Photo Credit: Jan Thijs
We know the hazards of little girls being obsessed with princesses -- they only want to wear dresses, they stop doing anything non-princessy and sit around all day waiting for their princes to save them...But what about older girls?
They might have hung up their dresses and put away the tiaras, but some girls continue to wait (albeit secretly) for Prince Charming into their tween and teen (and even adult) years. What's worse? They are developing body issues because they are worried about what the prince expects to see when he gets there. Experts are saying that the feminine mystique is being replaced by something more sexual. "Girls no longer feel that there is anything they must not do or cannot do because they're female, but they hold increasingly strong beliefs that if you are going to attempt these other things, you need to look and be sexually hot." says Stephanie Coontz, Co-Chair of the Council on Contemporary Families.
The two current retellings of the fairytale Snow White are good examples of this theory. In case you forgot, Snow White is the one about a Queen who is willing to murder a helpless teenager for the sole purpose of being the prettiest. Well, in 2012, Snow White isn't so helpless anymore. Mirror Mirror, a film that got poor reviews yet earned $19 million its opening weekend, stars one of Maxim’s “Hottest Daughters of Rock Stars,” Lily Collins, as a princess who must save her prince. In the more twisted Snow White and the Huntsmen, which comes out on June 1, “It” Girl Kristen Stewart is even more tough and dons armor in a Game of Thrones-like mission to retake the crown. Both new princesses are steps in the right direction. But we are still many steps before we can call the princesses “harmless,” especially when teen and ‘tween “princesses” are going "sexy" younger and younger -- hello, 15 year old Miley Cyrus posing topless for Vanity Fair.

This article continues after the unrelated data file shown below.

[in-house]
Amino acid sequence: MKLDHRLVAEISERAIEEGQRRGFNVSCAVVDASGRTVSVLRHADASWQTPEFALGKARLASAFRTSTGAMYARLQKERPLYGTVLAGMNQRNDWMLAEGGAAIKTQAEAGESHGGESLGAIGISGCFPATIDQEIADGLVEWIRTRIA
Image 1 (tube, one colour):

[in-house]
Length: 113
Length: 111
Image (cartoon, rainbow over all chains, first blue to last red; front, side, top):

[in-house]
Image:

The Associated Press reported that a quarter of 14-to-17-year-olds had either sent naked pictures of themselves or received naked pictures. A Girl Scout study found that 23% of girls age 11-17 don’t play sports because they think their bodies don’t look good doing it. Meanwhile Abercrombie and Fitch offered a padded bikini top and thong underwear tagged with the phrases "eye candy" and "wink wink" for girls age 7-14.
Documentarian Darryl Roberts, currently working on a film about the sexualization of children wonders, “When did we as adults stop protecting our youth and started exploiting them?”
I'm not sure when. But we need to start taking our concerns to the CEOs of the media outlets, stores and advertising firms that are selling sex to girls younger and younger.
My friend’s daughter dressed up like Godzilla with a pink wand and tiara. When the movie “Princess Godzilla” comes out we’ll know we’re really getting somewhere!